* * *

With the medication inside me and Meg hundreds of miles away I could finally think clearly. I'd been acting rashly. I had been rude. I hadn't gone over to meet my neighbor.

I went first thing the next morning.

Sheila, a woman in her mid-thirties whose husband was currently driving her milk across the state, led me inside to a coffee table set with tea and cookies.

"Sorry, I didn't know you were expecting me."

"I've been expecting you since you got here. Didn't know which afternoon you'd finally come say hello."

There was a click of disapproval in her voice. The house was identical to mine and was identical to Meg's, but I couldn't for the life of me imagine either of them in each other's space. The cookies were delicious though. Little dollops of lemon shortbread. I didn't know what to talk to this woman about. "You ever think about —" I snapped a cookie in half and a few of the crumbs trailed down into my lamp. "No, nevermind."

"No, tell me." Her eyes were warm and better spirited now.

"You ever think about just — not making milk? What you would use to replace it?"

The woman froze with her teacup halfway between her plate and her mouth. "What on earth would compel you to ask me that?"

"Oh, nothing —" I shifted in my seat, ate one more cookie, and then left.

As I was stepping down off of her front porch, Sheila stood in front of her door with her arms crossed, her lips pressed together tight as a rosebud sprayed with too much insecticide so it wouldn't open.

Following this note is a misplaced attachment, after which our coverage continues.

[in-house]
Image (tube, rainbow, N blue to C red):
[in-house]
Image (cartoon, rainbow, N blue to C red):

* * *

At home, I put my jar of dirt and my pill bottle down next to each other on the coffee table. I looked between the two of them, and then got itchy. I turned the TV on, but it was the same looped clip. "Hi, there. When my company decided to take on climate change, we knew there was only one place to start. Factory farming in the United States was one of the largest contributors to climate crisis. No one had proposed a plan that was big enough, bold enough —"

"Oh, shut the hell up." I tried the button to change the channel, even though I knew the image would be the same on every one. An Andy Warhol print repeating itself through space. The CEO's little smile twisting up in the sun. "I said, shut the hell up." I turned the TV off and then threw the remote across the room.

If I could just call Meg, she would know what to do. I could tell her about the dream. I could tell her I think the pills were repressing something even as they brought the milk out. I could tell her there's a nightmare on the other side of the medication and I know how to access it. I could tell her —

Or I can call Henry.

I sat back against the couch with a start. Without the pills, I could see him again. I could explain everything and he could explain to me how he was both dead and in my living room. We had love, once. It was always more than his initials on bottles of milk. It had to be.

That night, I skipped my medication again and I dreamed of nothing.

In the morning, when the pounding came at the door I didn't even bother to close my robe before answering it. My chest was bare and the guard recoiled at the sight of me, bringing his hand up to his sunglasses. "Ma'am."

"Sir." I took my time reaching behind me, pulling the waistband around to the front.

"We got a report from your neighbor. Said that you were making concerning statements."

"My husband just died. All I can make are concerning statements."